AM radio declared dead by BMW and Disney
Doc Searls Weblog 2014-08-19
The BMW i3 may be the first new car to come without AM radio since cars starting coming with radios, way back in the 1930s. Meanwhile, Disney is unloading a big pile of AM stations carrying Radio Disney, a program service for kids focused mostly on “teen idols.”
In Disney’s Devastating Signal About Radio, Eric Rhoads of Radio Ink spoke Big Truth about the heft of the harbinger Disney’s move delivers to the media marketplace. In a follow-up post he defended his case, adding (as he did in the first post) that “radio is not dead.”
In Redefining “Radio” for the Digital Age,” Deborah Newman‘s proposed panel for the next SXSW, she begins with this question: Is radio a technology or a marketing term? Good one. I think “marketing term” is the answer — because the original technology, AM radio itself, is dead tech walking.
Here in the UK, for example, I am listening right now to Radio 4 on 198KHz, in the longwave (LW) band — one still used in Europe, because waves on frequencies down that low (below the AM band, called MW for Medium Wave) travel great distances across the land. I can also get LW stations from Germany (on 153) and France (on 162). All are doomed, because the required tubes (called valves here) are no longer made. When the last ones fail, Radio 4 is going off the air on LW. Most AM stations, which operate at lower powers (50,000 watts vs. 500,000 watts for Radio 4 LW), are solid state and don’t use tubes, so they lack the same risk of obsolescence on the transmitting side. But AM receivers tend to suck these days (manufacturers cheap out in the extreme), and transmitting towers tend to be sited on land that is worth more as real estate than the stations themselves. Environmentalists would also like to see towers sited in swamps and tidelands revert to nature. (The best sites for AM towers are on salt water or tideland, because the ground conductivity is highest there. This is why the Meadowlands of New Jersey are home to most of New York’s AM stations.)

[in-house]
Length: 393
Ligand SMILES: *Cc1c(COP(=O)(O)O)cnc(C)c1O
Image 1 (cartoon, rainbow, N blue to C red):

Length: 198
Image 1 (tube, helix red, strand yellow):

So the key for radio stations and networks is to re-base their mentalities and their work in the marketplace, where most receivers are now phones and tablets tuning in to digital streams on the Net, rather than to waves over the old broadcast bands. In the new digital world, native players such as Pandora have a huge advantage in not having their boat anchored to a transmitter.
More in this direction: